Rock your move BEFORE you go! : Relocating your Photography Business

After months of planning and waiting, we finally made it to New Jersey. Luckily we knew in February that we would be headed here so I had a full  five months to plan and create a strategy before we even hopped in the car for our weeklong drive across the country! Even with a lengthy lead time, there are still many things to consider and get ready for when considering a move of your small business to another state! 

Relocating an established (or even relatively new) business can be an intimidating and daunting task. Preparation and strategy are key. Today I am discussing 5 strategies to implement so that you can totally ROCK your move before you go! 

Rock your move before you go | Relocating your photography business | Cinnamon Wolfe Photography | NYC & NJ Wedding Photographer

Here are five ways that you can utilize the time BEFORE you move to really hit the ground running and rock it once you arrive in your new location! 

Research your new area

This should be common sense but in all the hustle of preparing for a move it can be hard to find the time to really research the area that you are headed. Learning about the new area you are headed is of utmost importance and can help you determine your strategy going forward. What is the population of the city? What is the median income? Which businesses have a major presence? How far will you be from a major metropolis? Is the area remote or more urban? What does the environment look like? Is it wooded or desert, industrial or farm country?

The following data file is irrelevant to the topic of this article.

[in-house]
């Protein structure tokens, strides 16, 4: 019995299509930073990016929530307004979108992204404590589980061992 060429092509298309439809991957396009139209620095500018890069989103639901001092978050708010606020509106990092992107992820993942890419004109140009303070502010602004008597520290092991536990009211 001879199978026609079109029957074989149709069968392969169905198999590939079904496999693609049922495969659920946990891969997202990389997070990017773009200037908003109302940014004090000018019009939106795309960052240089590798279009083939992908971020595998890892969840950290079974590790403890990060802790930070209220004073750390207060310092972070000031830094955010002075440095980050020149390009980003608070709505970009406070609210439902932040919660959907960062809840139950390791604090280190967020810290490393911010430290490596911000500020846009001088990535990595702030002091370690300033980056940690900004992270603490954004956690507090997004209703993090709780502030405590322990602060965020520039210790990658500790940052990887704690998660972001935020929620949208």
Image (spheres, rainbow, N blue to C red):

Depending on how your business is currently structured, all of these factors may affect different aspects of your photography business. Taking the time to answer these questions will help you to be more prepared once you get there and ready to make adjustments! 

Real life example....

Before New Jersey, we lived in the California desert, hardly any trees in sight and dry lake beds were more common than grass. I spent two years learning how to shoot in constant sunshine, a lack of open shade and unusually high winds. Ridgecrest was also a very small city (about 27k) and was about an hour and a half away from any large city (yes, an hour and a half to TARGET!!). The whole northern part of New Jersey is heavily wooded with lots of lakes (that are actually full of water) and grass in such abundance that its lining the freeway. The cities are small in population but they are all right next to each other and the nearest major metropolis is New York City about an hour away. Knowing these things in depth before we moved has helped me determine my new business strategy and prepare myself mentally for the new challenges that will come with running a business in this area! 

Make connections ahead of time

This is HUGE! I can not stress the importance of this one more. Reaching out to others in the area and making connections before you arrive can absolutely set you up for success once you roll into your new town. Anyone who is a small business owner or entrepreneur can attest to the fact that it can get very lonely at times and having a community of others who are cheering for you helps combat that. Also connecting with others who already know the area, the market and have other connections in the area as well is invaluable to get you plugged in and ready to do business. 

There are many resources online to help you figure out how to connect with others in your new area. Just a few include Shoot and Share groups on facebook, Rising Tide Groups, Pursuit Groups...the list goes on and on.